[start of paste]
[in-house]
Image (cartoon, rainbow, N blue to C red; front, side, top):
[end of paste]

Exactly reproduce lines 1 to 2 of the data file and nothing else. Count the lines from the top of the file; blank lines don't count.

[in-house]
Image (cartoon, rainbow, N blue to C red; front, side, top):